“For I tell you that Christ has become a servant of the Jews on behalf of God’s truth, so that the promises made to the patriarchs might be confirmed and, moreover, that the Gentiles might glorify God for his mercy.-Romans 15:8-9
Should we try and pay God back for all the good he’s done for us? We should not try to pay God back because this would be an attempt to steal God’s glory.
Rather, we should now serve him because it benefits us, glorifies him, and is a proper response of thankfulness towards God’s free gift of grace given to us through Christ Jesus.
Let no corrupting talk come out of your mouths, but only such as is good for building up, as fits the occasion, that it may give grace to those who hear. – Ephesians 4:29
Jesus spoke to the masses, he visited towns because that’s where the people were, and every Christian is told to make disciples of all nations. Like Jesus, to love well, we must go where the people are.
When Paul visited Athens, he spent his time in the marketplace where the Athenians “spent their time doing nothing but talking about and listening to the latest ideas” (Acts 17:21). By roaming the city streets, Paul gathered precious info about their pagan beliefs, thus giving himself a better opportunity to share the gospel in the most effective way possible (Acts 17:22-23).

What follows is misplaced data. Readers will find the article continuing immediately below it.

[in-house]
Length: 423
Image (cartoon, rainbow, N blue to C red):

So where are the people today? Where do they “spend their time doing nothing but talking about and listening to the latest ideas”? Where can we go to better understand their beliefs, culture, and current trends with the hope of giving ourselves the best opportunity to present the gospel most effectively?
There is a giant hole in the universe that can be felt no matter where you turn. Every song you here, every show you watch, and every novel you read has some echo of this hole reverberating through its content.
The Bible has never been more available to people. For example, by simply clicking on BibleGateway.com or downloading the free app, you can have every version of the English Bible right in your pocket.